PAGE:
While the rest of us work our normal Monday-Friday 8am-5pm job, TV
weatherman Meteorologists can work any of the 7 days of the week, morning, afternoons, nights, split shifts, 12 hour long shifts, no shifts, 6 hour shifts, studio shifts, live shot shifts, tag-teaming the studio shifts, tag-teaming live shot shifts, babysit storms that may or may not develop shifts, making new graphics shifts, school talk shifts, new computer training shifts, 10 days in a row shifts, 15 days in a row shifts, holiday shifts; yes, I can keep going, but at this point, you get it.
I feel like I’m living in the movie “Office Space” sometimes. Aaron will literally work his butt off for 8 days in a row (refer to shifts above), he will FINALLY get a day off and he’d have to go in for TPS report training (if you don’t understand what I’m referring to, stop reading right now and watch the movie “Office Space”- and while you’re at it, watch some episodes of “The Office”- and you might as well watch the movie “Twister” just to keep up with my bloggisms):
Just to give you a peak into the “Brackett” life here is what Aaron’s schedule was this past week:
Saturday: 2:00p-7:00p, dinner break, back in at 8:00p-11:00p
Sunday: Worked on graphics in the morning and afternoon, came home for dinner, went back to do 10:00 show after the football game was over-the show was delayed because of the game, so therefore, he got home after midnight.
Monday: Training from 8:00a-4:00p
Wednesday: “Talent Training” at 5:30p-6:30, “graphics” meeting after that, came home for dinner, went back into the station at 10:00p, stayed overnight to create graphics, came home at 5:30am.
Thursday: OFF- but still went into the station to make sure graphics made a smooth transition
Here is what his schedule should ‘normally’ be:
Thurs-Fri: Split shift 9am-1:00p, 9:00p
Sat-Sun: 5 or 6:00p, 10:00pm
…As a wife, I’m over here like:
How do you plan a life when a “schedule” isn’t really a “schedule”?
I’m sure at this point, you have been with your significant other on a date night, their phone makes a noise so they open it to take a look, you roll your eyes because they shouldn’t be looking at it in the first place, you ask them to put it down, and you move on with your night. I don’t get this luxury. When a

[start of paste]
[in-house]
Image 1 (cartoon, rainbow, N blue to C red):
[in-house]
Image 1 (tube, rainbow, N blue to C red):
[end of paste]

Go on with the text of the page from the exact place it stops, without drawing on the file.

weatherman’s Meteorologists phone goes off, no matter what occasion it is, they legitimately have to look at it.
Aaron literally has too many weather apps to count on his phone (OK, whatever, I counted 11; but still, you get my point). There is one for radar, one for the Mesonet, one for the NWS (National Weather Service), and some other really nerdy ones that don’t even make sense to me when he opens them. Regardless, he needs to look at his phone for incoming storms to know if he has to book it into work or if he needs to post something on social media so his viewing audience knows what is about to happen.
Besides Aaron looking at his phone all the time, we also can’t do normal activities without weather being brought up. We went to an OKC Thunder game the other night and verbatim he asks me, “Why do you think they didn’t play with the whole “Thunder” word more with the logo? Don’t you think it would look cool if they had a
lightening lightning bolt in it?” My answer to him was, “Because they wanted to be a classy team and a lightening lightning bolt would be corny.”
Not only did we have to discuss the lack of a
lightening lightning bolt being on their logo, but he also had to analyze the fact that the Chesapeake Arena would not be an ideal building to be in during a tornado. In case you were wondering the fact that it’s a big, steel building that fits 20,000+ people is what makes it unfit to be in during a tornado.
oh yea, we also had to talk about the impending doom of a tornado hitting the city. “It’s not if, but when.”
Now that you are thoroughly scared that a tornado will inevitably hit OKC, I can tell you the fact that I couldn’t even go through my wedding day without hearing about the weather. Yup, we had an entire table at our venue, actually, 2 tables now that I think about it, filled with
weathermen meteorologists. To say that they all share a special bond wouldn’t express the amount of “brotherhood” these guys share with one another. There was an impromptu karaoke song that broke out in the middle of the reception where the Beach Boys song “Kokomo” came on. In our hometown of Rockford, Illinois the weatherman Meteorologists made a parody of “Kokomo” by inserting local counties into the lyrics “Way down in Winnebago.” (Shout out to Mark Henderson <WIFR> and Eric Sorenson <WQAD> for writing the lyrics and blessing my wedding day with the following:
“…baby why don’t we go down to Marengo we’ll get there fast and then we’ll pay a toll, that’s where I wanna go, way down to Winnebago.”
Fun times? Yes. Weather related? Absolutely. Do I expect to hear about weather on a daily basis? Unfortunately.
These are just a few days in the life of being a wife of a
weatherman Meteorologist. On a day-to-day basis I talk about weather more than any other person naturally would, but I still have to ask my friends and co-workers what the weather is going to be that day because when Aaron tells me it honestly goes in one ear and out the other because I’m unsure of when I actually need to listen 😉 You can’t blame me though because I literally can’t go one day without talking about the weather.